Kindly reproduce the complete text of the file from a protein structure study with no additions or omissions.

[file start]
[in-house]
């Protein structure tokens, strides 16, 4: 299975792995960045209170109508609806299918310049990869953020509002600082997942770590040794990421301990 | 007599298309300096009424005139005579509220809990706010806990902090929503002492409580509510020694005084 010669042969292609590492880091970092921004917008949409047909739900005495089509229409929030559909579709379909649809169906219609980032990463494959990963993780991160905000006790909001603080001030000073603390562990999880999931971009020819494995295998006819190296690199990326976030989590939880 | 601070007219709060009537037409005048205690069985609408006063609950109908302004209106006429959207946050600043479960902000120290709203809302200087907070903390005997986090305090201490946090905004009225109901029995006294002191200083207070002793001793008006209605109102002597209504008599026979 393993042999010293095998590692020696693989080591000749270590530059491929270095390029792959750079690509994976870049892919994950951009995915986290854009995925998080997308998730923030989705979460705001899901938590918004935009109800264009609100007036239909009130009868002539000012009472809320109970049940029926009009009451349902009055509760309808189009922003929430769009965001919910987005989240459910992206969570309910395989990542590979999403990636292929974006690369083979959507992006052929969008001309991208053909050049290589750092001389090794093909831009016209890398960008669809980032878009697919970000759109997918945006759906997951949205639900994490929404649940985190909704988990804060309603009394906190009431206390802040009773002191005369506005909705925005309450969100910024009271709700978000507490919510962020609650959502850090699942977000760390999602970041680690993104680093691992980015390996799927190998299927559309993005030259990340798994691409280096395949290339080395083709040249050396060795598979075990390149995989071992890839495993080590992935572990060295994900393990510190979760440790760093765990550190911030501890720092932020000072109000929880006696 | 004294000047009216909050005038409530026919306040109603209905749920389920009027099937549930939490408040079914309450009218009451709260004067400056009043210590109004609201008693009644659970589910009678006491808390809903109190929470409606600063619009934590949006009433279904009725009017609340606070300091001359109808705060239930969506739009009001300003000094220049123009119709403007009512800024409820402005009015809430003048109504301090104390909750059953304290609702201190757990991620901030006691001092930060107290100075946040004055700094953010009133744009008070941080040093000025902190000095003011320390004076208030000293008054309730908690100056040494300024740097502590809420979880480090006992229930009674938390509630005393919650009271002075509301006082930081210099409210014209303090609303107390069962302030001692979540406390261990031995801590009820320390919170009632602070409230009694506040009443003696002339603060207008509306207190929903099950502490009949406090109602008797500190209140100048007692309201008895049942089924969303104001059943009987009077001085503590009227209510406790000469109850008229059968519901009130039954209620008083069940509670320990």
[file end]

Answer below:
[in-house]
């Protein structure tokens, strides 16, 4: 299975792995960045209170109508609806299918310049990869953020509002600082997942770590040794990421301990 | 007599298309300096009424005139005579509220809990706010806990902090929503002492409580509510020694005084 010669042969292609590492880091970092921004917008949409047909739900005495089509229409929030559909579709379909649809169906219609980032990463494959990963993780991160905000006790909001603080001030000073603390562990999880999931971009020819494995295998006819190296690199990326976030989590939880 | 601070007219709060009537037409005048205690069985609408006063609950109908302004209106006429959207946050600043479960902000120290709203809302200087907070903390005997986090305090201490946090905004009225109901029995006294002191200083207070002793001793008006209605109102002597209504008599026979 393993042999010293095998590692020696693989080591000749270590530059491929270095390029792959750079690509994976870049892919994950951009995915986290854009995925998080997308998730923030989705979460705001899901938590918004935009109800264009609100007036239909009130009868002539000012009472809320109970049940029926009009009451349902009055509760309808189009922003929430769009965001919910987005989240459910992206969570309910395989990542590979999403990636292929974006690369083979959507992006052929969008001309991208053909050049290589750092001389090794093909831009016209890398960008669809980032878009697919970000759109997918945006759906997951949205639900994490929404649940985190909704988990804060309603009394906190009431206390802040009773002191005369506005909705925005309450969100910024009271709700978000507490919510962020609650959502850090699942977000760390999602970041680690993104680093691992980015390996799927190998299927559309993005030259990340798994691409280096395949290339080395083709040249050396060795598979075990390149995989071992890839495993080590992935572990060295994900393990510190979760440790760093765990550190911030501890720092932020000072109000929880006696 | 004294000047009216909050005038409530026919306040109603209905749920389920009027099937549930939490408040079914309450009218009451709260004067400056009043210590109004609201008693009644659970589910009678006491808390809903109190929470409606600063619009934590949006009433279904009725009017609340606070300091001359109808705060239930969506739009009001300003000094220049123009119709403007009512800024409820402005009015809430003048109504301090104390909750059953304290609702201190757990991620901030006691001092930060107290100075946040004055700094953010009133744009008070941080040093000025902190000095003011320390004076208030000293008054309730908690100056040494300024740097502590809420979880480090006992229930009674938390509630005393919650009271002075509301006082930081210099409210014209303090609303107390069962302030001692979540406390261990031995801590009820320390919170009632602070409230009694506040009443003696002339603060207008509306207190929903099950502490009949406090109602008797500190209140100048007692309201008895049942089924969303104001059943009987009077001085503590009227209510406790000469109850008229059968519901009130039954209620008083069940509670320990």